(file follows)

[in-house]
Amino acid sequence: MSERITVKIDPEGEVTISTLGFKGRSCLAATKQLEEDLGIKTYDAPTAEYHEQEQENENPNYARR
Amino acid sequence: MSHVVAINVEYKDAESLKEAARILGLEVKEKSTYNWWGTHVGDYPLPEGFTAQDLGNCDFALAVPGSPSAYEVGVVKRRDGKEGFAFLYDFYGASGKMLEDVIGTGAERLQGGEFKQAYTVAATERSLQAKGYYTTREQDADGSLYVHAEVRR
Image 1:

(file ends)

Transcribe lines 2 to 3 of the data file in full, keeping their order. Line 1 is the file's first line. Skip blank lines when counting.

Amino acid sequence: MSERITVKIDPEGEVTISTLGFKGRSCLAATKQLEEDLGIKTYDAPTAEYHEQEQENENPNYARR
Amino acid sequence: MSHVVAINVEYKDAESLKEAARILGLEVKEKSTYNWWGTHVGDYPLPEGFTAQDLGNCDFALAVPGSPSAYEVGVVKRRDGKEGFAFLYDFYGASGKMLEDVIGTGAERLQGGEFKQAYTVAATERSLQAKGYYTTREQDADGSLYVHAEVRR